Updated 03 September 2020
Even if it’s just a laptop, a desk and chair, your business needs equipment to operate. Many small businesses end up using a great deal of equipment, from office furniture to plant and machinery. Whatever you use, these pieces of kit are so pivotal to the running of your business that they have special tax treatment. They are known as ‘capital assets’.
Capital assets (sometimes called fixed assets) are any significant pieces of equipment used for longer than a year and not sold as a regular part of your operations. For example, if you renovate camper vans then each individual van is not a capital asset, but your own van and tools etc. would be.
They are called capital assets because you have to spend money on them as part of your operations, but they are not part of your day-to-day costs like heating and power. They are also ‘fixed’ because you use them regularly over the long-term. To qualify as a capital asset, the item must be owned mostly for its contribution to your business. If you own a car that functions as both your personal car and the one you use to visit clients, it may not qualify (depending on how the use is shared out).
The size of your company is also a factor when it comes to whether or not something is defined as a capital asset. For a small business, spending £600 on a computer could be a significant enough transaction to qualify it as a capital asset. However, for a larger company with a big workforce and a higher employee turnover, this kind of purchase would be considered a regular running cost.
The main reason to get to grips with your capital assets is that they are treated differently from other assets, both in terms of tax and in your accounts. Failure to treat capital assets correctly may mean that you pay more tax than you have to, or conversely it may prompt an investigation from HMRC.
Due to their long-term nature, capital assets need to go on your balance sheet. This creates a challenge, because over the years that you own the asset, its value will decrease. This is called depreciation, and has to be considered in the accounting process.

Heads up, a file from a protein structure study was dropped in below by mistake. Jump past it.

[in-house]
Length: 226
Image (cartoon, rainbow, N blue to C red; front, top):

The fact that you are regularly using the asset means this depreciation can be thought of as occurring in a regular fashion. Every year, part of the asset’s value needs to be deducted from your business’ profits. You can work out the rate of depreciation as either a percentage of the asset’s total cost, or as a percentage of its value at the start of the year.
The depreciation in the value of your capital assets is also important for the way they are treated for tax purposes. HMRC doesn’t consider depreciation to be an allowable expense, so although it must be removed from your profit, it needs to be added back when working out how much tax you need to pay. However, HMRC does grant tax relief on some of your capital assets – which is good, but adds yet another layer of administration.
Tax relief on capital assets comes in the form of capital allowances.
Capital allowances provide tax relief for your capital expenditure. You can claim capital allowances on assets you buy for your business, including your capital assets.
The Annual Investment Allowance (AIA) currently allows businesses to spend up to £1 million a year on new assets and then deduct that cost from their taxable profits. You can’t claim AIA on some assets, including cars, assets introduced from another business (e.g. using the same computer) and personal assets you happen also to use in your business.
There is also a 100 per cent first-year allowance that means you can claim back tax on an asset in the year you purchase it.
As a business owner you may struggle to keep track of how your various assets are classified for tax and accounting purposes. An accountant can ensure you are paying exactly the right amount of tax and also ensure that capital assets are properly treated on the balance sheet.
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